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The energy sector faces a very different future under President-elect Joe Biden

Dec 20, 2020
5 min read
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By: Simon Flowers, Chief Analyst, Wood Mackenzie

What can a Biden administration do that affects energy markets in the years ahead?

The U.S. has been an active and intrusive player in the geopolitics of oil these last four years. President Trump notably pressured OPEC and its partners to make capacity available in the fourth quarter of 2018 when Brent threatened to soar to US$100/bbl; and worked with OPEC+ to “do a deal” on production cuts in the demand crisis of 2020.

The global oil market today is in a fragile state, the OPEC+ producers actively managing oversupply and awaiting a recovery in demand. Joe Biden comes to office with the U.S. the world’s biggest oil producer. But we’d expect a Biden administration will be more Obama-style, influencing oil market geopolitics more discreetly.

Iran is the elephant in the room. The Biden administration could return the U.S. into the international deal over Iran nuclear sanctions by Executive Order, without going through the Senate but has indicated that Iran must comply with the JCPOA terms – a potential stumbling block. The new President will also need to weigh up the balance of interest domestically, and with key allies including the EU. We don’t expect any negotiations about a renewed deal to begin until June 2021 at the earliest, after Iran’s presidential election.

Venezuela is an altogether different challenge for Biden with tough Trump administration oil sanctions in place in an effort to force President Nicolas Maduro from power.

Putting the U.S. back into the Paris Agreement is likely under Executive Order. The Biden “Green New Deal” – a US$2 trillion plan to eliminate carbon emissions from the U.S. power sector by 2035, and a massive nation-wide integrated zero-carbon value chain and infrastructure build-out – looks at the very least likely to be heavily watered down.

Executive orders can work here too – offshore wind permitting and obtaining of leases (developers are queuing up to build out a nascent industry); and the government will likely become a bigger buyer of renewable energy and electric cars. The administration will also look to shape a more renewables-friendly Federal Energy Regulatory Commission that could reverse decisions that have challenged the industry such as the recent Minimum Offer Price Rule (MOPR) in PJM.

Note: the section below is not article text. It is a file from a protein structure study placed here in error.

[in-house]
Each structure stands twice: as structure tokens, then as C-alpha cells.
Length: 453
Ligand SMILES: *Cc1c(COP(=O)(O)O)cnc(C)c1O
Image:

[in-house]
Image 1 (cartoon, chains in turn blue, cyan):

The devolved nature of decision-making to the states means the strong growth of the last four years in renewables – now competitive with fossil fuel alternatives – can accelerate, particularly if tax credits are extended. The Trump administration’s pressure on California to abandon its zero emissions policies will be eased.

Another priority will be rebuilding U.S. relationships with international allies. As well as taking the U.S. back into the Paris Agreement, and reviving the international deal over Iran’s nuclear programme, Biden will seek to defuse trade tensions with the EU.

The Trump administration’s strategy to boost U.S. manufacturing by curbing imports from China will be modified rather than abandoned. There is bipartisan support in Washington for taking a tougher line on China, with many Democrats backing trade barriers to protect manufacturing jobs. Biden’s platform says he wants to “ensure the future is ‘made in all of America’ by all of America’s workers”. But Biden has said he will seek to work with allies around the world to “modernise” the rules of international trade.

One relationship that is likely to be cooler than under Trump is the one with Saudi Arabia. Biden said last year: “America’s priorities in the Middle East should be set in Washington, not Riyadh.”

His campaign has said the U.S. should “cancel the blank cheque the Trump administration has given Saudi Arabia” over the war in Yemen. However, the shared strategic interests of Saudi Arabia and the US mean that there is likely still to be an effective working relationship.

The Biden administration inherits an industry that’s boomed this last decade but has hit bust with the collapse in oil and global gas prices. It’s still an important source of tax revenue for certain states and a big employer – not least in New Mexico and Pennsylvania, key Democratic wins. There’s a delicate balance to be struck between nursing oil and gas through its current crisis and tightening the screws to align with the Democratic fossil fuel goals. We don’t expect the President-elect to stand in the way of the wave of necessary consolidation that’s underway.

Can Biden deliver stronger stimulus in 2021? If the Senate is under Republican control, it will be difficult to impose Biden’s economic agenda. Prior to the election, we assumed a slimmed down deal in 2021 – including stimulus cheques to households totalling US$350 billion. That helps to deliver economic growth of 2.8 per cent in 2021, annually. Risks are to the upside should Biden manage to push through his bumper economic recovery plan.

This column first appeared in the December issue of Pipeline Magazine

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